I love having fresh flowers in the house but have zero skill in arranging them, so even a bunch that looks lovely at the store somehow looks worse when I put them into a vase. But in a couple weeks I'm going to wow the family with a beautiful floral centerpiece thanks to my copy of Carly Cylinder's The Flower Chef. I think for a skill like floral arranging, a book is really the way to go--I've watched plenty of DIY T.V. shows where the host makes it look so simple, and then when I try it myself later, it's a hot mess.
Cylinder's book lays out each step in the flower "recipe" and includes icons indicating difficulty and cost levels. She created the recipe below for an arrangement she calls "the alternative" exclusively for the Amazon Book Review (this is the same format she uses throughout the book) and is the one I'm going to put together for Easter. A $10 bouquet of roses and some dianthus (I've seen it often, never knew the name for it) from the grocery store and I'm going to look like a floral genius....
*The Flower Chef is our editors' top pick for the best books of March in Craft, Hobbies, & Home
I’m constantly inspired by couture fashion, and wanted to make something inspired by Betsey Johnson. My goal was to create an arrangement as original as the funky and fearless designer. I was working with some roses that were turning a bit brown around the edges, so instead of trimming the edges of the petals slightly, I accidentally cut off about the top half, and immediately noticed that it resembled a ranunculus! What a happy mistake! I was thrilled when I saw that friends started using it in their home design! I call this technique “Turning a Rose Into a Ranunculus.” I figured if I could cut them horizontally, then I could cut them vertically, and created a “fringe” rose. This is a quick, easy, and fun recipe that is also good for kids.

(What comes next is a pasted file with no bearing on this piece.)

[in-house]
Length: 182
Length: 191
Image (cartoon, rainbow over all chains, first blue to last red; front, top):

Prep Time: 10 Minutes Season: Year Round
Cook Time: 5 Minutes Difficulty: 1
8 yellow roses (better if they’re open and older)
7 stems dianthus
4-5’’ square vase
1 block floral foam
- While you soak the floral foam in water, cut the roses and dianthus to about 3’’ in length. Remove the foam from water and cut the foam to fit inside the vase. Then cut the top of the foam so that it is level to the top of the vase.
- Take the roses, one at a time, and cut the heads horizontally, taking off a ¼- ½ inch depending on the size of the rose. The rose should open up. Blow on the center of the rose to open them more, as needed.
- Place the roses and dianthus in a checkered pattern, so that you have three rows of roses, that go 3 roses, then 2 roses, then 3 roses. Then add the dianthus in between the roses, so that there are 2 dianthus, then 3 dianthus, then 2 dianthus. Fill in any gaps with extra dianthus
Care Tip: Dianthus has become a more mainstream flower, found in mixed bouquets and in grocery stores. It will last at least a week, or longer.
Subscribe to The Amazon Book Review for our picks of best books of the month, author interviews, reading recommendations, and more from the Amazon Books editors